In the aftermath, AIG, the insurer, was broken up as it insured those who bought sub-prime mortgages, including Merrill, and was on the hook to pay up the losses. The rating agencies were affected. They gave their stamps on approval to sub-prime and misled everyone. The US Treasury was also force to take over Fannie Mae and Freddie Mac, hitherto listed companies.

The GFC indirectly caused the banking crisis in Europe as banks in Greece, Iceland, Italy and UK all held financial assets related sub-prime and were in trouble. Asia was not spared. the Chinese government pumped the now notorious RMB4 trillion into its own economy to mitigate the effect of the global financial meltdown. It would continue to intervene and ultimately added close to USD 1 trillion in economic stimulus which ended up becoming bad debt as the money was inefficiently used, such as building entire cities with nobody living in them.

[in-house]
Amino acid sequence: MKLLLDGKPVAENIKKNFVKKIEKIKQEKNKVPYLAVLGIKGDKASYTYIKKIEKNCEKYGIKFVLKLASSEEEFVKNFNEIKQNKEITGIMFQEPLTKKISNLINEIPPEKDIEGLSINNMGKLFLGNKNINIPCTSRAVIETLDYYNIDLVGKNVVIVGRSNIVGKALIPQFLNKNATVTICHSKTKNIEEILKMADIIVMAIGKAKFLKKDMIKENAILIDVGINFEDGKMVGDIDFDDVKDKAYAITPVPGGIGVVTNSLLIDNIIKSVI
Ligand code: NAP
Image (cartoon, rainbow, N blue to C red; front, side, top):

China's Phantom Cities

Back in the western world, the central banks launched quantitative easing (QE) to try to jumpstart the economies. They flooded the global financial system with money which ended up in the hands of a small segment of the population. These were people on Wall Street, people involved in prime real estate (including Singapore), the private equity folks, bitcoin promoters, people who dealt in art, wine, collectibles and needless to say, stocks and shares - yes all of us reading this. Not forgetting to mention, a few billions also went to Najib and the other corrupted governments around the world. Globally, QE did not benefit the masses. It causes a wider disparity between the haves and have-nots.